The mothers of Klal Yisrael need to give over the love for Shabbos through the expectation and excitement that Shabbos is coming
The quickest way to seed a pomegranate is to halve it around the equator, loosen the seeds from the skin, and then tap it hard with a spoon all around. And BTW — look for pomegranates with beautiful crown tops to decorate your table or flower arrangement!
Our new favorite car treat is, wait for it — takeout sesame string beans. Here’s how it happened. I always pick up food before our long car rides, and usually there’s meat from the deli counter involved. Once, for a healthy change, I got some string beans. I didn’t dream the kids would look at them, and didn’t even offer them. But when we stopped for supper, those string beans were all they wanted!
I myself was pleasantly surprised at how much we enjoyed those string beans, as I’m not a big takeout person. When the need arises on a Friday, I’ll do it, but I generally make a very manageable Shabbos.
I’ve come to realize, though, that in our hamster-wheel generation, Shabbos these days is all about how to make it easy. Ironically, we seem to brag about how little we prepare for a quiet Shabbos. Personally, my days could not be more packed and easy is great, but I wonder what message our Shabbos-hack brags send to our kids.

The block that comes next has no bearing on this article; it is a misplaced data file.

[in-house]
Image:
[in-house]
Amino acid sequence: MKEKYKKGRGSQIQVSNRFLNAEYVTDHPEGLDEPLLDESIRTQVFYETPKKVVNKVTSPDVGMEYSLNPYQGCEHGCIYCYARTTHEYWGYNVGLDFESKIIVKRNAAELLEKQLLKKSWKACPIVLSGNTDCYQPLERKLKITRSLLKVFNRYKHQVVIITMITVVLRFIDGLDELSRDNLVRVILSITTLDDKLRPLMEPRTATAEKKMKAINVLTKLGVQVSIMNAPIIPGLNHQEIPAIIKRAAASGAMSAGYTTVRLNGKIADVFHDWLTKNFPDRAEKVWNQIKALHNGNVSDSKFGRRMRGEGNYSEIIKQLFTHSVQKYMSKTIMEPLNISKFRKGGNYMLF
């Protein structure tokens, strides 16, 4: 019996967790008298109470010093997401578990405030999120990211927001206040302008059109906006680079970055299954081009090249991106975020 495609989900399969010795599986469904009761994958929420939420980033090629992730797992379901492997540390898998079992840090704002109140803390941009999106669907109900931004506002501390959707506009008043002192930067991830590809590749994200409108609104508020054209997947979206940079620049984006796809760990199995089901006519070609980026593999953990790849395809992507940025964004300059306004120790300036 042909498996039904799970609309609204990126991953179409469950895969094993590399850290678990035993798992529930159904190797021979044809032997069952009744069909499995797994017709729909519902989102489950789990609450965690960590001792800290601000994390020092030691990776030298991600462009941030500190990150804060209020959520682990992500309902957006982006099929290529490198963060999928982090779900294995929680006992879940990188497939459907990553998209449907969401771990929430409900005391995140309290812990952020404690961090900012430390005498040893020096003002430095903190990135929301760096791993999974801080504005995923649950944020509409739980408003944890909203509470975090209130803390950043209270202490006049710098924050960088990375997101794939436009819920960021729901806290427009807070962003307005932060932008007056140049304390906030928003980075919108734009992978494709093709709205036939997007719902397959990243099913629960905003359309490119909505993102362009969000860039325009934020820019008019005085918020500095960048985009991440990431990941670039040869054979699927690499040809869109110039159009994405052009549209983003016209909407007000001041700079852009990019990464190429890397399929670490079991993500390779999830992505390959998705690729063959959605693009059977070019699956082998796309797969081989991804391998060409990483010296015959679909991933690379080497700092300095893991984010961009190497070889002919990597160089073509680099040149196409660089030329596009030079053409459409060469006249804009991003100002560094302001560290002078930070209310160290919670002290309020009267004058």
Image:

This winter Mishpacha's editorial staff was privileged to meet with a gadol for direction and guidance, we were given the message: The mothers of Klal Yisrael need to give over the love for Shabbos through the expectation and excitement that Shabbos is coming. A chicken soup put up Thursday afternoon, the smells welcoming kids coming home from school, is a solid start.
What we do to make Shabbos special is something we internalized from our mothers, grandmothers, and other role models. The new column in this week’s magazine was born in that spirit. We know you’ll connect with the recipes, and that you’ll welcome this year with a renewed enthusiasm for Shabbos and Yom Tov.
Wishing you all a gut gebentched yahr,
Food Editor, Family Table
Although we stated in Issue 708 that the back half of the cow is nonkosher, this is inaccurate. The Ashkenazi world has accepted upon itself not to eat the back half of the cow, but only a portion of it is indeed nonkosher. The Sefardi communities have a mesorah regarding how to isolate the kosher portions of the animals’ hind quarters. Once that is done, it’s fully permissible.
Most Delicious Shehecheyanu Fruits
Some of the new fruits in your supermarket may be less delicious than you expect. Play it safe on taste and go for some of our favorites:
- Rambutan: Its flesh tastes similar to a lychee or a sweet-and-sour grape.
- Cherimoya: This has a sweet creamy taste, similar to other tropical fruits, like banana, papaya, and pineapple.
- Horned melon: This is actually similar to its cousin, the cucumber, but its seeds are sweeter and juicier.
- Mangosteen: Sweet and tangy, this may be harder to find.
Tip: Scope out your local Asian markets for great pricing on shehecheyanu fruits!
(Originally featured in Family Table, Issue 710)
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